Marie McSwigan, author of Snow Treasure, was born on May 22, 1896, in Pittsburgh, PA, A dedicated writer, Ms. McSwigan wrote for Pittsburgh newspapers and worked in publicity for many area institutions. Besides ten children's books, she wrote two adult biographies: Shy Hooks, the life of primitive painter John Kane, and Athlete of Christ, the life of St. Nicholas of Flue, Switzerland's patron saint, and several other works of nonfiction. She died of leukemia on July 16, 1962.
The following is an essay she wrote about herself and her books.
MY BOOK, FIVE ON A MERRY-GO-ROUND (Dutton, 1944), deals with one family's solution to the housing shortage. When no other shelter opened, the family took up residence in an abandoned carousel. They were fortunate to find one. As everyone knows, and none better than I from an amusement park family, such unused, uncared-for equipment is rarer than uranium.
This scarcity a fourth grader failed to consider in a book report of the work. Nonetheless, because of the merits of his pithy prose, he won an honorable mention in a townwide contest of the fourth grades of fourteen public and parochial schools. He wrote but a page and a quarter, perhaps twenty sentences. He, moreover, achieved what many writers fail in, a smash finish. He concluded his report:
"This is a good book. Everyone should read it. They should read it because it is good to know that in those days of no houses there were always merry-go-rounds."
He did not know that he was doing it, but I think he pin-pointed the theme of this and of all my books, resourcefulness. In All Aboard for Freedom (Dutton, 1954), I stated it plainly both in English and in the Czech tongue of my characters. The Czechs have a national proverb, a national slogan, "Do the best you can and God will prosper your efforts."
With this I am in accord. It is good for people to help themselves rather than to wait to be helped. I have asked myself if I value this attitude because I was born in Pennsylvania with its Independence Hall, Valley Forge, and Gettysburg. I know that resourcefulness is no state or national monopoly. I know it is inherent in man as indeed my books claim with their settings in many parts of the world. Nonetheless my interest could come from my surroundings. A fellow townsman could be an influence, a tough little Scot with meager schooling but with a sense of values. This is not the place to go into my debt to Andrew Carnegie for his libraries and for other bounties. It is enough to say that my debt is substantial.
Like other children, I filled my composition books with my screeds. It was not until I got to the University of Pittsburgh, however, that writing became an obsession. After three years of student publication I found, on graduation, that there was only one calling I wanted to follow, newspaper work.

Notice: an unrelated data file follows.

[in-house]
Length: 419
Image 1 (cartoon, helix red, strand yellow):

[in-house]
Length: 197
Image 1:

I had difficulty persuading an editor that I would not be a mere liability but a handicap. Again and again I tried to make one see that I was the exact person his staff needed. Only when I tried another measure did I strike a spark in a flinty surface.
Now, despite my theme of resourcefulness, I did not regard myself as a resourceful woman. In one instance alone I effected a coup. No newspaper had mentioned it; rather I learned by accident that Monsignor (now Cardinal) Eugene Tisserant, then head of the Vatican Library, was in town to address Carnegie librarians, (another debt to Andrew Carnegie). I thought that if I would interview him and write the account, the editor might see my claim in a new light. I did meet Monsignor Tisserant. He was most gracious. To this day I have kept his calling card. I was pleased when the account was printed exactly as I wrote it. Even with the curiosa of newspaper style at that time, there were no changes. I thereupon became a member of the editorial staff of the Pittsburgh Press of the Scripps-Howard chain.
I worked five years for Scripps-Howard and a year for Hearst on the Pittsburgh Sun Telegraph. I then did publicity for organizations sublime and ridiculous: Kennywood, an amusement park, and the Carnegie Institute Fine Arts Department--another bow to the founder. I also did publicity for the University of Pittsburgh for six years, two of them as director of public relations.
I like newspaper and publicity work because of the immediacy. A job must be done, and one sits down and does it. I am no longer thus employed so that I can be free for creative writing.
Besides ten children's books, I have written two adult biographies: Shy Hooks, the life of primitive painter John Kane, and Athlete of Christ (Newman, 1959), the life of St. Nicholas of Flue, Switzerland's patron saint.
Some of my children's books are based on actual happenings. Over and over, an Associated Press dispatch or one from United-International has set me to wondering: What kind of patriots were those Norwegians who saved their gold by having their children sled it down a mountain past the occupation forces, as I subsequently made my characters do in SnowTreasure? Or what was he like, the real 'sixteen-year-old who, on a homemade portable radio transmitter, broadcast resistance against the Japanese as did my Juan of Manila? Or, what about those Czechs who stole a railway train and drove it into West Germany, as mine would do in All Aboard for Freedom?
These stories came out of the newspapers. The press, however, prints much more than about the deeds of resourceful people. Why did I choose these events? Well, in the geography of the thirteen colonies, Pennsylvania is the Keystone State. Similarly, could not resourcefulness be the spiritual keystone of our heritage?
EDITOR'S NOTE: Besides the titles noted in her sketch, Miss McSwigan's books Include these Dutton releases: Our Town Has a Circus (1949), Binnie Latches On (1950), The News Is Good (1952), Three's a Crowd (1953), and Small Miracle at Lourdes (1958).
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